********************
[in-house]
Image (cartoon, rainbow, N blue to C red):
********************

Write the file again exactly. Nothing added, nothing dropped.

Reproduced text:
[in-house]
Image (cartoon, rainbow, N blue to C red):